China: A Virtual Centre for Monitoring the Rhizosphere

Lead Research Organisation: Rothamsted Research
Department Name: Sustainable Agriculture Sciences-H

Abstract

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Description Year 1
Plant roots release various organic materials that may change soil structure and modify heat and mass transfer processes. Paired soil samples were mixed with distilled water and synthetic root exudates (Paterson et al., 2007) at a bulk density of 1.61 g cm-3 and a water content of 0.13 g g-1, packed into cylinders, and then incubated for 7 days at 17±1°C and a relative humidity of 90%. The samples then went on a drying process, and the changes of soil penetrometer resistance and thermal conductivity were monitored continuously. No difference in soil bulk density was observed between the samples treated with water and root exudates. However, the soil samples with root exudates had significantly greater penetrometer resistance (10-900 kPa) and thermal conductivity (about 0.1-0.6 W m-1 K-1) than the water-only samples. The root exudates might have acted as binding agents, which increased soil strength and heat conduction by enhancing the contacts among soil particles.
Year 2
Rothamsted has hosted one short visit by Prof Gao to set up a system to measure soil density. In addition we have published an opinion paper in "Trends in Plant Science", which considers the relation ship between roots and soil structure.

Xin Wang from CAU is the middle of a 12 month visit to Rothamsted to measure the effects of rhizosphere conditions on root and shoot growth. Xin has identified an interaction between phosphorus availability and root impendence; both root impedance and phosphorous availability stunt root and shoot growth, but the effects are not additive.

In joint work on soil structure with Prof Gao we have found that biochar can alter the cracking pattern and shrinkage characteristics of lime concretion black soil. However, the e?ects of biochar on the shrinkage of lime concretion black soil are dependent on the number of wetting and drying cycles. This has important implication for soil-root interactions.

Year 3

We have submitted an opinion paper on the "Contribution of the heterogeneous rhizosphere to sustainable farming " to Trends in Plant Science. This paper concludes

"The current rhizosphere research and applications have encountered bottlenecks, but there are opportunities to break through. Future rhizosphere research needs to understand the root-soil interactions in an integrated manner with consideration of heterogeneity. The heterogeneity in soil structure and resource distribution is crucial for better understanding how to integrate the rhizosphere knowledge with the farming practices. Rhizosphere studies focusing on a single process without considering the complexity of soil heterogeneity can limit our ability to understand root-soil interactions. For the plant, one challenge is to understand the integration of the multiple sensing processes occurring in the rhizosphere. Exploring the key molecular components integrating multiple rhizosphere sensing pathways could be a most important future research objective. Moreover, the root-soil interactions are bi-directional and dynamic processes. Thus, non-invasive, real-time, and in situ investigations of rhizosphere processes are urgently required. Interdisciplinary approaches are urgently needed to further integrate plant biology and soil science to better explore root function and soil modification in rhizosphere processes. Exploring integrated root-soil interactions in the heterogeneously structured rhizosphere can provide us with a potential strategy to achieve rhizosphere engineering to increase nutrient use efficiency, crop productivity and below ground carbon sequestration for more sustainable production."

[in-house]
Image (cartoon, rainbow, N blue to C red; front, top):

A paper has just been accepted in Geoderma. We have proposed an approach to estimate soil penetrometer resistance using measured water content, shear wave velocity and soil bulk density, which can be implemented with sensors buried in the soil. Having established the scientific and technical feasibility of using sensed water content, shear wave velocity and soil bulk density to estimate penetrometer resistance, the next stage will be to develop a field deployable sensing system. This will have the distinct advantage that matric potential, which is needed by existing models of penetrometer resistance, will not need to be measured. We will seek joint funding with CAU to continue this research.

We submitted a paper "Wheat growth responses to soil mechanical impedance are dependent on phosphorus supply" to Soil and Tillage Research by Wang et al. We found that mechanical impedance reduced wheat shoot and root growth under sufficient P supply, whereas under low P supply the effects of mechanical impedance on wheat growth were restricted. Shoot and root biomass, tiller number, leaf elongation, and nodal root number were significantly decreased in impeded plants under HP supply but not under LP supply, suggesting that wheat growth restriction in response to mechanical impedance is dependent on P supply. The contrasting responses to mechanical impedance under different P supply indicate an evident interaction between mechanical impedance and P supply. These findings providing new insights into the integrated adaptation of plants to both soil physical and nutritional stresses, implying the need to consider coupling of soil physical and nutritional management in agricultural practice.
Exploitation Route We hope that we will develop new proposals within this project to take the work forward. The project will benefit others from the papers we publish and from the new contacts we make.
Sectors Agriculture, Food and Drink